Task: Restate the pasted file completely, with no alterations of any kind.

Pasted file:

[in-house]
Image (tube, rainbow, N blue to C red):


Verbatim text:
[in-house]
Image (tube, rainbow, N blue to C red):